Memory Lane: The Breakdown

It’s pretty interesting what triggers memories, especially those of the more pleasant variety. I was recently reminded of my service year far away from home. Born and bred a Lagosian (but really an ara oke) I’d been out of the state both alone and with family. Two weeks being the longest I’d spent and since my undergraduate years were all spent in Gidi town too, I wasn’t totally averse to leaving it for a short year.

This was a while back and unlike the current theme where corps members and people are generally massacred by the sheer whims of the BH sect, religious violence and anything that leads to mayhem, destruction and death. Nigeria was still relatively peaceful and corpers welcomed and actually protected by the various communities they were assigned for the service year. There had been incidents in the past but not as widespread as it’s now become.

So I trotted off quite happily to Benue state when I received my call-up letter. I was totally prepared for adventure, new experiences and every other thing ahead. The time spent en route was a lesson in sitting, sleeping, standing and trying to keep busy for thirteen hours. Being younger, my recovery was quite fast and since registration and other activities awaited me in camp, something I had to snap out of.

Anyway, one of the first things I discovered after orientation and I’d settled down to work was that the pace of life in Makurdi was nothing like Lagos! It wasn’t a commercial city, more like a civil service enclave. Imagine my surprise when I noticed that one of the odd features about the town was the total absence of fences. Most buildings didn’t have any walls between them and after the initial surprise something I got used to seeing…or not if you know what I mean.

Being a true Lagosian I was well versed in catching public transportation. If you ask any worth their salt they’ll tell you that it’s one of the essential ingredients for survival there. You’ll thus understand the complete shock the first time a bus reversed to pick up a passenger. Shock didn’t quite capture my emotions in that instance. Furthermore there were no ‘real’ stops and people dropped off very randomly. It could be as close as three minutes apart and nobody complained (I’m still baffled by this too). Apparently these were minor occurrences that I would soon take in stride…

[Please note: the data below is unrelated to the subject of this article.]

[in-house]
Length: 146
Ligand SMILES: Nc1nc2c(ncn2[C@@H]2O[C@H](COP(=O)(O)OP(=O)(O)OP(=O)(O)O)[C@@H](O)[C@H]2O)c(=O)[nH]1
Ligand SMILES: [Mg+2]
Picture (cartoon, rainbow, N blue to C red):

One fateful day I was out and about (can’t recall my destination) and the bus decided to mess up. Part and parcel of the vagaries of commuter life and any one that has lived for any length of time in Lagos has experienced their fair share. It’s common and if you’re lucky to come out unscathed after the breakdown, the demand for individual fares is loud and often messy in execution. In some cases no-one actually waits for the bus to stop since the engine would have announced its distress loud enough to be heard. Whatever the cause, passengers quickly find alternatives to continue their journeys.

Interestingly enough in Benue state this was not the way. Astute in reading these signs I immediately made to get up. at that point in time I realised that not a single soul had stirred. I remembered where I was and decided to do exactly like the Romans. The bus finally came to a halt, the driver got down, opened the bonnet, tinkered with the engine for some minutes, got it started and the journey continued…ALL without one word of complaint, or murmuring of any sort from a single passenger! I was comatose after the bonnet was opened and in a coma by the time he fixed the fault. I got down in a daze and watched as it ponderously disappeared over the horizon.

This Passenger Ethics 101 has remained with me over the years and it will most definitely not go away for some time to come, me thinks. It’s refreshing to recall and makes me wonder if this is still the case presently.

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  1. I was posted to Kogi State, Seyi: something I was totally unprepared for. Like most people, I had tried to rig the posting to somewhere else but it had apparently backfired! You can imagine my state of mind after that. No amount of words of wisdom from my mum or siblings brought any sort of comfort for me.

    So my ‘issues’ began immediately the day I left for orientation camp:
    *I developed a pain in my spine that occurred every time I turned my head to the right side.
    *The cold in Kogi was morgue – like and made even worse by the surrounding mountains. I complained about it incessantly.
    *I passed out (for the very first time in my life!) during the oath – taking, and spent the rest of the event in the sick bay where most of the doctors committed my name and face to memory.
    *I woke up one morning and couldn’t bend my right knee without feeling pain, and consequently reacted violently to any treatment given from breaking out in rashes to bringing out drugs. A doctor was assigned to me 24/7. God bless Dr. Osaze. He’d leave fellowship to attend to my medical needs.

    In spite of all of these, I insisted on doing the mountain climb and the endurance trek while leaning on a doctor and three others surrounding me with the first – aid vehicle not very far behind. I have never felt so vulnerable.

    It was no surprise to most people when I was sighted walking out of the redeployment area with a letter in hand.

    I never got to experience Kogi or its culture; maybe it wasn’t meant to be ‘cos all my symptoms disappeared once I left the town. My mum said it was psychological.

    While I have some good memories of the three weeks spent there, the one thing that I took away with me were the friends I made during the time spent waking up at an unearthly hour and marching with no purpose. Of course, Dr. Osaze tops the list!

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